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  • Cutting at Clatworthy

    High on the hills above Clatworthy Reservoir sits Clatworthy Camp, an Iron Age hillfort. We have recently been working to reduce the tree coverage on the banks of the hillfort with the long term aim of returning them to grassland and help preserve them for the future.

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    Scheduled history

    Now designated as a scheduled monument, Clatworthy Hillfort is roughly triangular in shape enclosing an area of 14 acres and its main defence is a single earth and stone bank with a ditch below, cut through solid rock. There may have been a single entrance to the hillfort on the west and two on the east.  Little is known of its history, but hillforts developed in the late Bronze and Early Iron Age, possibly as defensive strongholds or tribal centres. 

    At risk

    Historic England contacted us in late 2014 to offer funding to carry out works including a tree survey, the cutting down of smaller trees and the clearance of species such as bracken and tree saplings from the section of the hill fort owned by Wessex Water.  Historic England considered that the potential for damage from the trees was significant enough to put the hillfort on its monuments at risk register.

    Springing into action, we quickly formulated a plan to get the works done during the winter period.  This was not as easy as it sounded as we had to take into account large badger setts, potential bat roosts and difficulty accessing the hillfort – thanks to our neighbouring land owner, we were able to get vehicles up to the site across sheep grazed fields, instead of machinery struggling uphill through the woods.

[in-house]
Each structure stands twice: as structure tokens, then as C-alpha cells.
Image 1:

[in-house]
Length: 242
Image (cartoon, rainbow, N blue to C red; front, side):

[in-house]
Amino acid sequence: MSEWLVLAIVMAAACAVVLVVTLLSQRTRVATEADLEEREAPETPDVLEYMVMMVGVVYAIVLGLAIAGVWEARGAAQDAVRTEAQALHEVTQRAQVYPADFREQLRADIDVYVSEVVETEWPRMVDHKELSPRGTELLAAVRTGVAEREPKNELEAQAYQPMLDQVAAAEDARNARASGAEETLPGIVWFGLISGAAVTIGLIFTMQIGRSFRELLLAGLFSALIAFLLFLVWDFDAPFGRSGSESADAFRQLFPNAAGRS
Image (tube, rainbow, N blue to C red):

We’re pleased to say that the works were all finished on time and Historic England were so satisfied with the progress that the hillfort is now likely to be removed from the Heritage At Risk Register.  However, we don’t want to rest on our laurels, so we’re now planning a further campaign this winter to start to tackle more of the remaining trees along the ramparts of the fort – restoring the fort’s banks to grassland will be a long term process, but worth it in the end.

    Slag, scrub, bugs and birds

    You can now explore more about the history and wildlife around Clatworthy Reservoir with the help of new interpretation boards we’ve put up around the reservoir.  These explain a little more about some of the points of interest at the site, ranging from Romano-British iron working remains, Violet Oil Beetles, butterflies and the many birds that can be seen (and heard) around the reservoir.

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